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Cassini mission reveals Saturn's rings' own atmosphere

Data from the NASA/ESA/ASI Cassini spacecraft indicate that Saturn's majestic ring system has its own atmosphere, separate from that of the planet itself.

During its close fly-bys of the ring system, instruments on Cassini have been able to determine that the environment arou...
Cassini mission reveals Saturn's rings' own atmosphere
Data from the NASA/ESA/ASI Cassini spacecraft indicate that Saturn's majestic ring system has its own atmosphere, separate from that of the planet itself.

During its close fly-bys of the ring system, instruments on Cassini have been able to determine that the environment around the rings is like an atmosphere, composed principally of molecular oxygen. This atmosphere is very similar to that of Jupiter's moons Europa and Ganymede.

The finding was made by two instruments on Cassini, both of which have European involvement: the Ion and Neutral Mass Spectrometer (INMS) has co-investigators from the US and Germany, while the Cassini Plasma Spectrometer (CAPS) instrument has co-investigators from the US, Finland, Hungary, France, Norway and UK.

Saturn's rings consist largely of water ice mixed with smaller amounts of dust and rocky matter. They are extraordinarily thin: though they are 250 000 kilometres or more in diameter they are no more than 1.5 kilometres thick. Despite their impressive appearance, there is very little material in the rings - if the rings were compressed into a single body it would be no more than 100 kilometres across.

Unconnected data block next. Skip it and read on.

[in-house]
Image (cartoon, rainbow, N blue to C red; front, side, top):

The origin of the rings is unknown. Scientists once thought that the rings were formed at the same time as the planets, coalescing out of swirling clouds of interstellar gas 4,000 million years ago. However, the rings now appear to be 'young', perhaps only hundreds of millions of years old. Another theory suggests that a comet flew too close to Saturn and was broken up by tidal forces. Possibly one of Saturn's moons was struck by an asteroid smashing it into the pieces that now form the rings.

Though Saturn may have had rings since it formed, the ring system is not stable and must be regenerated by ongoing processes, probably the break-up of larger satellites. Water molecules are first driven off the ring particles by solar ultraviolet light. They are then split into hydrogen, and molecular and atomic oxygen, by photodissocation. The hydrogen gas is lost to space, the atomic oxygen and any remaining water are frozen back into the ring material due to the low temperatures, and this leaves behind a concentration of oxygen molecules.

Dr Andrew Coates, co-investigator for CAPS, from the Mullard Space Science Laboratory (MSSL) at University College London, explains: 'As water comes off the rings, it is split by sunlight; the resulting hydrogen and atomic oxygen are then lost, leaving molecular oxygen. The INMS sees the neutral oxygen gas, CAPS sees molecular oxygen ions and an 'electron view' of the rings. These represent the ionised products of that oxygen and some additional electrons driven off the rings by sunlight.'

Dr Coates thinks that the ring atmosphere was probably kept in check by gravitational forces and a balance between loss of material from the ring system and a re-supply of material from the ring particles

Source: European Space Agency (ESA)

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